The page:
Here's an abstract, entitled: The Turing Machine as a Boundary Object: Sorting Out American Science and European Engineering, co-authored by Erhard Schüttpelz, featuring Marvin Minsky and Edsger Dijkstra in the late 1960s and early 1970s. To be presented this summer in London at the 11th British Wittgenstein Society Conference: Wittgenstein and AI.
One of the questions that keeps me awake (during the day) is the following one:
What did a “computer program” mean to Actor X in 1973?
For example, both Christopher Strachey and Edsger Dijkstra viewed a “computer program” as a mathematical object, albeit of a very different kind . (A decade or more earlier, both men did not associate computer programs with mathematical objects pur sang). But what about large parts of the North American computer industry in 1973? How did actors in this field view a “computer program” in 1973?
Something significant happened during the 1950s in the history of science & technology. By 1950, logicians and linguists had been studying “artificial languages” and “natural languages” for centuries. But, the words “programming language” were not used at all. By 1959, however, those words had become common currency. And, in today's digital world, the absence of “programming languages” is totally unthinkable.
As Dijkstra was fond of pointing out, the community of people who call themselves “software engineers” is marred nowadays by an abundance of second rate work — so much so that others have come to disdain the term and call themselves “computer scientists”. But in the 60’s and 70’s, people such as Hoare, Wirth, and Dijkstra proudly and properly called themselves software engineers, and managed to be simultaneously rigorous and useful.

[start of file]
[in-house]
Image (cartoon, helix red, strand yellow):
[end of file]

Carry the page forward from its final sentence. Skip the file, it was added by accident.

To clarify his step-wise program composition, Dijkstra used terms like “program layers” and “levels of abstraction” in his `Notes on Structured Programming' [1, Chapter 1]. These terms were not well defined as Dijkstra conceded later. As a result, Dijkstra's exposition — although extremely rich in content — was difficult to understand completely. See e.g. Denning's clarifying article on Structured Programming  or my interview with Liskov who mentions Parnas in this regard .
In his 1972 `Notes on Structured Programming' [1, Chapter 1], Dijkstra introduced a methodology called step-wise program composition. He explained how to compose a program in minute steps, deciding each time as little as possible so that the correctness of each step is obvious.
Although he was a theoretical physicist by education, Dijkstra had been exposed to his mother's mathematical thinking during most of his teens. This observation helps explain why he continued to seek general mathematical arguments in his 1972 `Notes on Structured Programming'.